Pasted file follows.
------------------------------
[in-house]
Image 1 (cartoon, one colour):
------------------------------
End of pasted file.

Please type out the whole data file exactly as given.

[in-house]
Image 1 (cartoon, one colour):